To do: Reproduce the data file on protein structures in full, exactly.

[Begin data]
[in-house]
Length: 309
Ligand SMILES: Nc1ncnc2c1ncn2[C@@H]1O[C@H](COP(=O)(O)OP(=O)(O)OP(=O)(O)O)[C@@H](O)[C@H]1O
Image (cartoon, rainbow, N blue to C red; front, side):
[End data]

[in-house]
Length: 309
Ligand SMILES: Nc1ncnc2c1ncn2[C@@H]1O[C@H](COP(=O)(O)OP(=O)(O)OP(=O)(O)O)[C@@H](O)[C@H]1O
Image (cartoon, rainbow, N blue to C red; front, side):